A couple of weeks back, Microsoft revealed that a number of classic original Xbox games would become backwards compatible on Xbox One this month. This includes the original Star Wars Battlefront II, The Elder Scrolls III: Morrowind, as well as a handful of Xbox 360 games enhanced with 4K visuals on Xbox One X, such as Red Dead Redemption.
Sadly, you won’t be able to play the original Battlefront II on your PS4. Or Red Dead Redemption in 4K. That’s because the PlayStation 4 is not backwards compatible with past PlayStation systems, and it’s the biggest problem with this otherwise very successful console. (This is a very sad page from the official PlayStation website.)
The PS4 isn’t capable of natively playing PSOne, PS2, or PS3 games. If you slide in your copy of Metal Gear Solid, it’s not going to recognize it. This is a problem, a huge one. PlayStation has one of the largest and most recognizable libraries of video games, and not being able to relive or experience so many classic games on current-gen hardware is a big disappointment.
Sony has amended their backwards compatibility-problem in a handful of not-very successful ways, but below are a few strategies we think could make the PlayStation 4 a stronger and more diverse system that embraces its awesome past.
Integrate PS Now into PS Plus
PlayStation Now is a subscription service allowing you to stream PS3 games onto PS4 and PC. With over 600 games, a majority of beloved PS3 titles are already available for you to immediately stream. But here’s the thing: a one month subscription costs $20. That ain’t cheap.
To get more gamers interested in this service, the price of PS Now needs to go down, or better yet, it needs to be a part of PS Plus. In addition to the free games you get each month, why not also one free rental from PS Now? And as extra incentive, push that you can use your save data from your PS3 by moving it into the cloud storage all PS Plus members have access to.
It might be too late for Sony to introduce PS4 hardware actually capable of playing PS3 games, but leveraging PS Now could be the easiest and fastest backwards compatibility fix.
Ramp Up PS2 on PS4
It’s easy to forget, but you can play PS2 games on PS4! (Just not ones you already own on discs.)
In late 2015, Sony started an initiative to get emulated PS2 titles on PS4. These PS2 games have been upscaled to 1080p HD, include trophies, and had a promising start. It wasn’t long before the Grand Theft Auto trilogy and Bully were added…and support quickly crumbled after that. The last major update was the Jak and Daxter series last December, but we haven’t seen much else since.
The PS2 library is insane, and we don’t know how much time or money is needed to emulate these games on PS4, but there really needs to be more. How about the Sly Cooper games? Hot Shots Golf? Katamari Damacy? Ratchet and Clank? The list keeps going. Hopefully, the Jak games are a sign of whats to come, and not an omen of doom.
Introduce the PSOne Library
There’s really no reason why PSOne games aren’t playable on PS4. Every other PlayStation console can play them, and obviously the PS4 hardware can handle it. So whats the hang up? Well, you can make a lot more reselling PSOne games by adding trophies or HD polish (Final Fantasy VII and IX for example), but really, we should just be able to play the classics.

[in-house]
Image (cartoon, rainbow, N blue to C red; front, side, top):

As the PS4 starts to wind down, it’s the perfect time to introduce a platform/streaming service for PSOne games. Players could simply access a substantial digital library of PSOne titles through the PS Store, pay a fee to check out a game, or buy it outright, and get playing classics like The Legend of Dragoon or Tony Hawk’s Pro Skater 2.
Is this an ideal solution? No, in fact, you could just include this service in PS Now, but if Sony is looking to make an extra buck off of nostalgia (and they are), then this isn’t the worst solution.
Remasters are Not a Bad Thing
The PS4 and Xbox One generation started off with a repetitive thud, thanks to a boat load PS3 and 360 ports of games that came out around the same time. It was annoying since we were all craving shiny new games, but now, remasters have become something more substantial. Games like the Crash Bandicoot N. Sane Trilogy or Shadow of the Colossus are lovingly crafted remakes that retain the same gameplay of the originals. Kingdom Hearts HD 1.5+2.5 ReMix presents the numbered titles in gorgeous 4K and silky 60 fps.
Remasters don’t have to just be HD polish anymore; they can breathe new life into already beloved games. I would absolutely love to play Infamous and Infamous 2 again in 4K, or go back to Ratchet and Clank Future: Tools of Destruction with a trophy list. Remasters aren’t the same as plopping your old game into a new system, but they can enhance an already awesome experience.
We understand that the PS4 hardware may really just not be capable of playing past PlayStation games, but if it is possible, we really hope Sony can find a way to let players experience their entire history of medium-defining games, and make some changes as soon as possible.